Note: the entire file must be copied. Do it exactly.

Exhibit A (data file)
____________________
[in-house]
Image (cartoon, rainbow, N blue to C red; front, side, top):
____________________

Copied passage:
[in-house]
Image (cartoon, rainbow, N blue to C red; front, side, top):